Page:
San Bernardino In-Home Health Care Workers Fired Up

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“They are always implementing cuts [and] their target is always the most vulnerable,” says Ramiro Cordoba, regarding the Governor's proposed cuts to health and human services. These cuts could be devastating for in-home health care workers like Cordoba who make between $8 and $11.50 per hour. “If the hours are cut for the client, then there are cuts in our pay.” Cordoba is an organizer for the United Domestic Workers Union (UDW) in Riverside.

On January 10, members of the UDW protested against these cuts in front of the State building in downtown San Bernardino. “We were out there to find ways to have more revenue,” Cordoba continued.

Governor Jerry Brown released his budget on January 10, 2012. It included $1.7 billion in cuts to the Medi-Cal program, which funds many assisted-living programs for the elderly, including the In Home Supportive Services (IHSS) program. The proposed cuts would affect the over 18,000 people in San Bernardino that need help with their day-to-day care, according to Scott Mann, spokesperson for the Services Employees International Union, United Long Term Care Workers (SEIU ULTCW) in San Bernardino.

The number of hours that in-home health care workers are paid to spend with their elderly or disabled clients would be cut. “These people specifically work for people who qualify for In-Home Supportive Services (IHSS), serving low income seniors and people with disabilities,” he said. SEIU long-term care workers protested alongside the UDW members. “They were there to speak out against the governors cuts to IHSS,” said Mann.

On January 19, Judge Claudia Wilken continued a preliminary injunction, which stops the cuts to the IHSS program. “The cut was part of the governors ‘trigger’ cuts, because the state did not make the expected revenue this year,” Mann states. Had the injuction not been continued, IHSS would have to reduce the number in-home service hours provided to its clients by 20 percent.

Not only would IHSS workers experience pay cuts, but Mann also argues that the reduction in hours would mean that some elderly people would not be able to live at home. They could be forced to live in a board and care facility or nursing home in order to get the around-the-clock care they need.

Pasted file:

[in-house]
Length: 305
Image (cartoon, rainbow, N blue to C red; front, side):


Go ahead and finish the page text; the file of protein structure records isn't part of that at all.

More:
“If this cut was not stopped, a lot of people may be facing institutionalization," said Mann.

The State is expected to appeal the injunction.

 

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About Bobbi Albano

Roberta (Bobbi) Albano was raised in the San Joaquin Valley, moving to the Inland Empire in 1996. She settled in San Bernardino where she raised her two boys, bought a home and fell in love with the people and the community. Bobbi is working toward her MBA in Health Care Administration from the School of Public Health at Loma Linda University. Bobbi has worked for the County of San Bernardino and currently works for Loma Linda University. Her experience working with and for the people of San Bernardino broadens her perspective of social issues and their effect on her community. Her close relationship with Loma Linda University enables her to have access to the most respected professionals in the health field. She is excited about bringing her experience, resources and love of her community to KQED's Our State of Health.

Comments (2)

  1. Steve Mehlman says:

    “Not only would IHSS workers experience pay cuts, but Mann also argues that the reduction in hours would mean that some elderly people would not be able to live at home. They could be forced to live in a board and care facility or nursing home in order to get the around-the-clock care they need. ‘If this cut was not stopped, a lot of people may be facing institutionalization,’ said Mann.”

    Scott failed to mention that nursing home care would cost taxpayers at least five times more than home care. IHSS saves California taxpayers hundreds of millions of dollars a year. Cutting the program is not only morally wrong, it is fiscally irresponsible.

  2. no name says:

    not all ihss clients are at risk of out of home placement and they still have ihss, so some ihss clients are actually costing the state money by being on ihss yet not being at risk of out of home placement